A hard day’s night - 12 hours in a Dublin A&E
Smelling of alcohol and body odour, with the constant threat of violenceand staff pushed to the brink, St James’s Hospital A&E in Dublin is a grim place – especially on a busy Saturday night, as Conor Pope, discovered on a 12-hour shift there. Photographs by Alan Betson
A man wearing a smart shirt and tie is wide awake and pacing the corridors. He doesn’t look sick but one of his shirt sleeves has been cut clean off at the shoulder. He is a security guard and hours earlier was bitten by an IV drug user. The bite is barely noticeable now but he is at risk of HIV or Hepatitis. All he can do now is wait for the results of blood tests. “He has a long few months ahead of him before he gets the all-clear,” says Majella Kilmartin, the triage nurse on duty tonight
She has been here since 1999 – “so long that the drama doesn’t impact on me any more”, she says. She is still affected by the sadness though. “A lot of patients’ self worth is nothing, absolutely nothing. I see a lot of second- and third-generation drug problems coming in and too much long-term alcohol abuse problems. As a triage nurse I would sometimes like to delve a bit deeper and go past the superficial problems but I just don’t have the time.”
It is 10pm and the man with suicidal tendencies has just been seen by an on-call psychiatrist and moved from the “quiet room” to the loud corridor. He is staring straight ahead, barely blinking. He looks utterly lost and terribly sad. It is a heartbreaking sight.
Helen Schuster, the senior nurse on duty, walks past him and notices the man who fell out of the wheelchair has pulled a blanket over his head to block out the fluorescent lights. “Don’t pull the blanket over yourself,” she says to him. “You’ll end up in the mortuary.” She laughs. He doesn’t. He is still dead to the world.
“Security to the waiting room. Security to the waiting room.”
The hospital PA comes to life. At the front desk, a very drunk and barely coherent woman in her 50s is shouting the place down. Kilmartin immediately takes her into triage. “I’m not drunk, I’m just tormented,” she says. The nurse is calm and firm and tries to establish if she should be concerned about anything more than the reek of booze from her new patient. “When am I going to lie down? When am I going to lie down? I’m a very bad case I am, ” the new admission slurs. She is given a trolley and she passes out in seconds. I marvel at the nurse’s calmness in the face of such belligerence. “When you are dealing with someone who is really hostile you can’t confront them,” she explains. “Once you do, the problem can get a lot worse very quickly.”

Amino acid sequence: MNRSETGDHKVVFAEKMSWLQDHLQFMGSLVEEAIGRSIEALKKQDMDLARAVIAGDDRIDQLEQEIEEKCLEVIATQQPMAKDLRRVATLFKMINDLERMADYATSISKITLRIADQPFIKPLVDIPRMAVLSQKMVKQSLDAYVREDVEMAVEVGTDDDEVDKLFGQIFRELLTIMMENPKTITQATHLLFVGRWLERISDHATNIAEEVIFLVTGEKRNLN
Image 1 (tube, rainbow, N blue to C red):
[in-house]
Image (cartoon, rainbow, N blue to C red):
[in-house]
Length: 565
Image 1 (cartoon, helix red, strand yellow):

It is just before midnight and the number of people in the waiting room has fallen to 14. Critical Care One is empty but the beds in the other units are full and there are 11 people on trolleys in the corridors. An earthy fog of booze and body odour hangs over the place.
A man in his 40s comes in wearing only jeans and a leather jacket. He has his mother-in-law with him. His head is covered in blood and her arm is in a sling. A family event has just turned nasty “after a few drinks” and he was hit on the head with a bottle. She was pushed to the ground in the commotion. Triage nurse Kilmartin bandages his wound and tells him he will need stitches. The mother-on-law needs an x-ray. He wants to go home. “I am a very fast healer,” he assures her. She’s not buying it. He stays.
The first one through the doors first thing on Sunday morning is an ashen-faced man who can walk and talk unaided. He looks inconsolable but physically fine. “The ambulance men told me to come in,” he says in a quiet voice. He gives Hartigan his personal details at reception and when Kilmartin takes over, he admits to having overdosed on heroin. “I’ve smoked it a few times and it was grand but this was the first time I injected it and I collapsed,” he says. “I feel like such a scumbag.” He wants to go home but Kilmartin explains that the ambulance staff have given him drugs to counter the effect of the heroin but warns that they will soon wear off. “It’s a short-acting drug and once it wears off you will need to be here,” she says. He is assigned a gurney. “You’re on a very dangerous path,” she tells him in a very non-judgemental way.
Just minutes pass before the next drug victim comes in. An man in his 20s is unconscious as he is wheeled through the doors by Dublin Fire Brigade. They picked him up after he fell down at a house party. “We were told he had two ecstasy, a naggin of vodka and some Budweiser,” one of the ambulance men tells Schuster, the nurse who meets them. “There was a load of them at the party and they were all out of it,” the ambulance man tells me. “We asked them what he had taken and they all say ‘nothing’ and there they are with their eyes like portholes. We don’t know how much he took. They eventually said two but it could have been eight.”
Kilmartin takes a roll-call of the waiting room. There are now eight people waiting to be seen. Hugh Laurie’s House is on the muted TV. Nobody is watching the medical drama unfold – they have their own dramas to be concerned about.
After 1am a very well-spoken man walks up to the reception desk. “Nurse, I think I am banjaxed. I think I am finished,” he says before adding that he just had “a few drinks”. Apparently he fell and hurt his back. “But I wasn’t under the influence,” he insists. “I’m not a messer, I’m not a troublemaker. You’re a magnificent lady and I am sorry to be like this.” He seems more lonely than any thing else. He is given a trolley and he falls asleep.